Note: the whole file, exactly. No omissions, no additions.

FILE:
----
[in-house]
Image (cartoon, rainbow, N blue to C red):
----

[in-house]
Image (cartoon, rainbow, N blue to C red):